Selig: Washington is a “prime candidate” to host the 2017 All-Star Game

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Commissioner Bud Selig says that Washington, D.C. is a “prime candidate” to host the 2017 All-Star Game, reports James Wagner of the Washington Post. The Lerner family, which owns the Nationals, has been making a concerted effort to bring the midsummer classic to the nation’s capital. Selig was light on specifics, but made a point to say that the Nationals were at or near the top of the list.

This year’s All-Star Game will pop up at Target Field in Minnesota. Cincinnati plays host at Great American Ball Park next year. 2016’s host has yet to be announced but it will very likely go to an American League team, as hosts have tended to alternate leagues in the past. That means 2017 is likely the earliest the Nationals could play host.

Wagner mentions that teams with newer stadiums are also given priority, which means that San Diego (Petco Park), Miami (Marlins Park), and Philadelphia (Citizens Bank Park) could also make an effort for the 2017 All-Star Game.

Padres sign Jordan Lyles

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The Padres announced on Sunday that the club signed pitcher Jordan Lyles to a one-year major league contract with a club option for 2019. According to Jon Heyman of FanRag Sports, Lyles will earn $750,000 in 2018. Pitcher Travis Wood was designated for assignment to create room on the 40-man roster for Lyles.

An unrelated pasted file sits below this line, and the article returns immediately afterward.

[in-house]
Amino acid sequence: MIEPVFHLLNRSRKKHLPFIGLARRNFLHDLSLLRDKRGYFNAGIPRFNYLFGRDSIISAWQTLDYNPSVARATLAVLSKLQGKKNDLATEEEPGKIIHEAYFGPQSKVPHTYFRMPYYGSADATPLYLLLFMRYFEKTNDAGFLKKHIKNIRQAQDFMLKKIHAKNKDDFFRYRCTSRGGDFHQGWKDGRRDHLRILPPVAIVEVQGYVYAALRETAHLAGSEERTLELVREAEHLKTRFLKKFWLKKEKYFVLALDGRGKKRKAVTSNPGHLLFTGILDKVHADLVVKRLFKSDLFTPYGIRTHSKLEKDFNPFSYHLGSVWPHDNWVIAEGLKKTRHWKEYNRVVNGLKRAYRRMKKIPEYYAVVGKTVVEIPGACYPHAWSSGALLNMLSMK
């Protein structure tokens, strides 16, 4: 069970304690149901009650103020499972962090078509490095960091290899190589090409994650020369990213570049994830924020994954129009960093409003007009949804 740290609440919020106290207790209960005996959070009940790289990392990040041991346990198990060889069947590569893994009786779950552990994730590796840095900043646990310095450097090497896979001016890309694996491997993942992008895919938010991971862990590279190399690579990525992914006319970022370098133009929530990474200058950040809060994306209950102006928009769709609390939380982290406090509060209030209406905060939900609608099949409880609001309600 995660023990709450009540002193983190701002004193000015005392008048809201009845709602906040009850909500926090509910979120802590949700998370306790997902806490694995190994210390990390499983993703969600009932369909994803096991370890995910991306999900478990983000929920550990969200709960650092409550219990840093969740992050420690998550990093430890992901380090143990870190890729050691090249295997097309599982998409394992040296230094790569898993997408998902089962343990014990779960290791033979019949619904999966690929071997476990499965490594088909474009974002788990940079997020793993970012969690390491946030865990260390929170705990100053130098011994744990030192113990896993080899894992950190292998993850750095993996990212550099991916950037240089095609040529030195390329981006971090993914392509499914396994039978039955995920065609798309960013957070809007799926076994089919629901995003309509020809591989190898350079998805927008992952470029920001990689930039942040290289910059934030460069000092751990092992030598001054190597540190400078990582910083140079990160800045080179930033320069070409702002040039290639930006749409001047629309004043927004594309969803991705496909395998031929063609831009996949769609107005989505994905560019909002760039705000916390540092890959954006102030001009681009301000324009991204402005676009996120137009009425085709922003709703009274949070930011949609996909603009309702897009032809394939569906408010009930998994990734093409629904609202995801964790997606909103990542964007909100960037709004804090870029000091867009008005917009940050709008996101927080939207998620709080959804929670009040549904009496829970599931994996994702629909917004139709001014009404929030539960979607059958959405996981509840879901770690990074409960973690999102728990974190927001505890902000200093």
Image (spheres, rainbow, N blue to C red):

Lyles, 27, had miserable results between the Rockies and Padres last season, compiling an aggregate 7.75 ERA with a 55/22 K/BB ratio over 69 2/3 innings. While he specifically gave up 24 earned runs in 23 innings across five starts with the Padres, it was a small sample. A full season at the pitcher-friendly Petco Park, as opposed to Colorado’s Coors Field, might help revitalize his career.

Wood, 30, went to the Padres at the non-waiver trade deadline from the Royals this past season. Overall, the lefty posted an aggregate 6.80 ERA with a 65/45 K/BB ratio in 94 innings. He’ll earn $6.5 million this season and has an $8 million mutual option with a $1 million buyout for 2019. So, the Padres are just eating $7.5 million minus the league minimum, assuming Wood latches on elsewhere.